Over the past four days, I asked seven or eight random (Asian, Mexican-American, and working-class white) Americans in southern California what they thought of Obama’s candidacy — and framed the question with, “Don’t you think that was a good speech?” The answers, without exception, were essentially: “Forget the speech. I would never vote for Obama after listening to Wright.” In some cases, the reaction was not mild disappointment, but unprintable outrage.
The blame, such as it is, for all this goes to the Obama campaign “pros,” who, in their apparent arrogance over Obamania (a phenomenon due to the candidate’s charisma, not their own savvy), simply went to sleep and let the senator and his wife resort to their natural self-indulgence — itself the offspring of the Obamas’ privilege and insularity. Any amateur handler could have scanned that speech and taken out just 8-10 phrases, called for a tougher stance on Wright, a genuine apology, and put the issue behind them.
Now it’s too late. Like Hillary’s tear, one only gets a single chance at mea culpa and staged vulnerability — and he blew it.
Where are we now? At the most fascinating juncture in the last 50 years of primary-election history.
Superdelegates can’t “steal” the election from Obama’s lock on the delegate count. And they can’t easily debase themselves by abandoning Obama after their recent televised confessionals about abandoning Hillary.
But they can count and compute — and must try to deal with these facts:
(1) Obama is crashing in all the polls, especially against McCain, against whom he doesn’t stack up well, given McCain’s heroic narrative, the upswing in Iraq, and the past distance between McCain and the Bush administration;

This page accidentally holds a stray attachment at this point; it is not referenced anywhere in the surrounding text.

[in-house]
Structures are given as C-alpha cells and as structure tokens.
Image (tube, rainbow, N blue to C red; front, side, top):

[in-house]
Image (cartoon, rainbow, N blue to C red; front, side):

(2) Hillary may not just win, but win big in Pennsylvania (and maybe the other states as well), buttressing her suddenly not-so-tired argument about her success in the mega-, in-play purple states. Michigan and Florida that once would have been lost by Hillary in a fair election, now would be fairly won — and Clinton is as willing to replay both as Obama suddenly is not; and
(3) The sure thing of Democrats winning big in the House and Senate is now in danger of a scenario in which a would-be Senator or Representative explains all autumn long that the party masthead really does not like Rev. Wright, whose massive corpus of buffoonery no doubt is still to be mined. (The problem was never “snippets,” but entire speeches devoted to hatred and anger, often carefully outlined in a point-by-point format).
What is the remedy?
I would go buy about 10,000 American flags to blanket every Obama appearance, have a 4x4 lapel-button flag custom-made for the senator, have Michelle finish every appearance by leading a chorus of “God Bless America,” draft every middle-of-the-road crusty drawling Democratic veteran (the knightly Harris Wofford doesn’t cut it) to criss-cross the country — and try to Trotskyize Rev. Wright from the campaign.
Oh, and no need for any more Obama half-conversations about race and “typical white person” clarifications. All that does far more damage to the country than even to Obama himself.
— NRO contributor Victor Davis Hanson is a senior fellow at the Hoover Institution and author, most recently, of A War Like No Other: How the Athenians and Spartans Fought the Peloponnesian War.
National Review Online - http://article.nationalreview.com/?q=NjBjODFmNmMxZWU2ZGE5YjBhMjZlYmQ2MmM2MzNiZTc=
Politics, Religion, Science, Culture and Humanities / Politics & Religion / Re: Big Picture WW3: Who, when, where, why
on: March 24, 2008, 09:25:44 AM
Why do terrorists stop?
POSTED AT 9:30 AM ON MARCH 24, 2008 BY ED MORRISSEY